Eggplant: Slice larger varieties into rounds about 3/8-inch thick; smaller versions can be sliced in half lengthwise. Brush with olive oil and grill until they start to brown, about 5 minutes per side. Drizzle with balsamic vinegar or serve with an Italian salsa verde (garlic, basil, parsley and tomatoes -- all fresh and all chopped; add salt and extra virgin olive oil to taste).

Garlic: Take whole bulbs and cut off the root end. Brush with olive oil and place cut side down over a hot fire. Grill for about 10 minutes or until the skin is brown.

Mushrooms: Clean and remove stems. Toss in a bowl with oil, then thread on metal or wooden skewers, or spread them loosely over the grill if they are large enough. Grill 4-5 minutes for small mushrooms and 6-8 minutes for larger ones.

Onions: Sweet varieties such as Vidalias are best, but any onion will do. Peel and slice onions about 1/2-inch thick, brush with oil and grill about 3-5 minutes per side. Drizzle with balsamic vinegar, if desired. Onions can also be quartered or chunked and threaded on a skewer with other vegetables for a nice kebab.

Tomatoes: Cut in half top to bottom. Grill cut side down about 2- 3 minutes.

Potatoes: Wash and dry whole potatoes. Rub with vegetable oil. Wrap in aluminum foil and grill 35-40 minutes or longer, turning occasionally. To test for doneness, squeeze gently with a hand protected by an oven mitt. When they give to gentle pressure, they are done. Or, place small new potatoes and fresh green beans on a large square of aluminum foil, dot generously with butter, and season with salt and pepper. Wrap tightly, folding edges of foil securely to prevent butter leaking. Grill for 35-40 minutes. Thick slices of potato can also be grilled directly on the grate. Brush with oil, season with salt and pepper, and cook for about 3 minutes per side.

Zucchini (or any other summer squash): Small squash can be halved lengthwise, large ones should be cut into 1/2-inch thick rounds. Brush with olive oil and grill 2-3 minutes per side. Use a hot fire so they cook quickly and stay firm, but watch carefully so they don't burn.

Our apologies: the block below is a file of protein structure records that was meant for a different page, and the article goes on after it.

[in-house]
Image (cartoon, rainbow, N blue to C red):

All of this is so simple, you really don't need to follow a specific recipe, but I've included a couple anyway. They are all exceptionally good. So get grilling and enjoy.

Marinated Grilled Vegetables

1 medium eggplant 2-3 small zucchini or summer squash 1 each red and green bell pepper, seeds and ribs removed 1 medium onion 10-20 mushrooms, stems removed 1/4 cup olive oil 1 tablespoon lemon juice 2 cloves garlic, minced 1 teaspoon dried oregano

Wash vegetables. Mix olive oil, lemon juice, garlic and oregano together. Let sit. Slice eggplant into half-inch thick rounds. Cut squash in half lengthwise or into half-inch rounds. Cut peppers into squares or wide strips. Cut onions into wedges. Toss vegetables with oil mixture to coat evenly. Cover and marinate in refrigerator for at least one hour. Preheat grill. Place everything on the grate and cook 10-20 minutes, brushing remaining oil mixture over the vegetables every few minutes. Remove vegetables from grill as they become done.

Variation: Use 1/4 cup coarsely chopped fresh basil instead of oregano.

Notes: Bottled Italian salad dressing also makes a good, easy marinade. It's especially good on zucchini. Vegetables may be threaded onto skewers before grilling, if desired, rather than grilled on the grate. Serve vegetables hot from the grill, at room temperature or as cold leftovers.

Grilled Portobello Mushrooms

4 portobello mushrooms 1/3 cup canola oil 1/4 cup chopped onion 5 cloves garlic, minced 1/3 cup balsamic vinegar

Clean mushrooms; remove stems and reserve for other use. Place caps on a plate with gills up. In a small bowl, combine the oil, onion, garlic and vinegar. Pour mixture evenly over the mushroom caps and let stand for one hour. Grill over hot coals for about 5 minutes per side, brushing with additional marinade if desired. Serve immediately. Serve as you would a hamburger with all the trimmings, slice and use as a side dish or over lettuce leaves as a salad or serve whole as a vegetarian alternative to steak.

(Kay Blakely is the consumer advocate in Defense Commissary Agency Europe. Blakely's article was provided by DeCA Headquarters, Fort Lee, Va.)